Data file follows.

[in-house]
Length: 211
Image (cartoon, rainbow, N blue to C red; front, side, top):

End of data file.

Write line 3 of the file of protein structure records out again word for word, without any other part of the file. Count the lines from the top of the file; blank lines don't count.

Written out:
Image (cartoon, rainbow, N blue to C red; front, side, top):